Estate or succession planning co-ordinates the passing of ownership of your assets and control of your affairs to your chosen beneficiaries.
Will making is an important part of the process, but a simple Will may not be sufficient for some people, particularly if you have a family business, non-estate assets or family members who do not always see eye to eye.
If you have:
- a sizeable estate
- a large family
- children who are spendthrifts
- children who have matrimonial problems
- • children who are in business and so would benefit from protecting inherited assets from creditors,
see Testamentary Trusts (below)
Sandhurst Trustees offers a full range of estate planning services.
Testamentary discretionary trusts
If you have family members who do not get along, or if in your Will for any reason you wish to favour a family member as against other members, you need to consider the possibility of a "testator family maintenance" claim against your estate.
There are estate planning strategies for reducing the risk of a "testator family maintenance" claim. These strategies include identifying potential claimants and making some provision for them, ensuring that your executor knows the reasons for the distribution of your estate and building up non-estate assets.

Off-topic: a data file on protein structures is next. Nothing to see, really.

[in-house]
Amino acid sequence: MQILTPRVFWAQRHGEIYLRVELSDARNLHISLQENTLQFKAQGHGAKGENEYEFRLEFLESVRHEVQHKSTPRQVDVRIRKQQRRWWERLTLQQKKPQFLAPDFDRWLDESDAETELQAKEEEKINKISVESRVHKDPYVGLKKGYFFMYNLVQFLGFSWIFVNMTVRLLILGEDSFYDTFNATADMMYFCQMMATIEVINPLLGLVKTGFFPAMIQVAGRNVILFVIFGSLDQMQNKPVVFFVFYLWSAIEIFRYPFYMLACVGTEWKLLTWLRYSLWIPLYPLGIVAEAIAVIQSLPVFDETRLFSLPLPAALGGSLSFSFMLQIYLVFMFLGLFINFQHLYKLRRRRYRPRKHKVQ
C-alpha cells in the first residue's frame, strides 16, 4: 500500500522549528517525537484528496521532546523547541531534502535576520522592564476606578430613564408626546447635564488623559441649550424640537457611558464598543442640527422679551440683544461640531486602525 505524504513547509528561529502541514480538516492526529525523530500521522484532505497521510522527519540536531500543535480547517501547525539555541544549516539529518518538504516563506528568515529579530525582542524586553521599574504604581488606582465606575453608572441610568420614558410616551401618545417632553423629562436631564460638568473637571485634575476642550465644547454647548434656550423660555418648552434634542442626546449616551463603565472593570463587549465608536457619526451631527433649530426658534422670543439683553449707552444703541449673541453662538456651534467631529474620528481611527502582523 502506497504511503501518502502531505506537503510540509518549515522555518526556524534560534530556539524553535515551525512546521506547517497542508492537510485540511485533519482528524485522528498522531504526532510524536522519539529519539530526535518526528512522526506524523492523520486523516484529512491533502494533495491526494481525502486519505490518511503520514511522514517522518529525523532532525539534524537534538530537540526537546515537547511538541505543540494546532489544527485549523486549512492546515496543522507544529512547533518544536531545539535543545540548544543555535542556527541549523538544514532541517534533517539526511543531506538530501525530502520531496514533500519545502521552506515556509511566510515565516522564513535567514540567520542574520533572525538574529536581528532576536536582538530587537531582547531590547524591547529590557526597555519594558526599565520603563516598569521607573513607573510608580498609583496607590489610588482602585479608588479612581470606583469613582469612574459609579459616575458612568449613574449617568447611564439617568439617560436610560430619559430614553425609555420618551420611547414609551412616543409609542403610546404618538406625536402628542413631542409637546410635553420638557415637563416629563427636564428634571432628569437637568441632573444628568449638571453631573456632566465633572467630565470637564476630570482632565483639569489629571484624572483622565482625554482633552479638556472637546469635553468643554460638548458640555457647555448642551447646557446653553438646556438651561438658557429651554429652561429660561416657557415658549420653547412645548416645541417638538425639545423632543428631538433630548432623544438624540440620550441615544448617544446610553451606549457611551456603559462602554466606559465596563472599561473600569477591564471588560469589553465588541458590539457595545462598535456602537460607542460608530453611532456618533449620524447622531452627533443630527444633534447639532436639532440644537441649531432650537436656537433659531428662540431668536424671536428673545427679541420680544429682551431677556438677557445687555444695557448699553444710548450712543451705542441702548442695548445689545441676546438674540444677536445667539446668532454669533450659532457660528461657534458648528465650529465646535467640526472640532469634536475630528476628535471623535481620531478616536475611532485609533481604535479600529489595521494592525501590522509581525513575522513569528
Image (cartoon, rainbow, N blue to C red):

When Sandhurst Trustees prepares your Will, we can assist you in these often difficult decisions.
Some assets which you may regard as "your" asset are not legally owned by you, and so do not usually form part of your estate to pass under your Will. Sometimes these "non-estate" assets may form the bulk of your wealth.
Assets owned jointly, such as the family home, automatically pass to the surviving owner or owners by survivorship.
Superannuation (including related life insurance) is governed by special rules and is usually paid directly to your surviving spouse or dependent children, where applicable. Within boundaries imposed by legislation and the rules of the superannuation fund, a superannuation trustee usually has an independent discretion to decide who will receive superannuation benefits payable upon death.
Similarly, the proceeds of some insurance policies may be paid directly to nominated beneficiaries regardless of any contrary direction in the Will.
If you have a family trust, you need to consider who will be appointed to control the trust after your death.
As part of the estate planning process, all of these non-estate assets may require particular provisions in your Will to ensure they are adequately dealt with and to prevent unintended consequences. This will avoid a situation where one beneficiary obtains the bulk of your wealth through non-estate assets whilst receiving an equal distribution of your estate assets under your Will.
Sandhurst Trustees can assist you regarding these complex issues.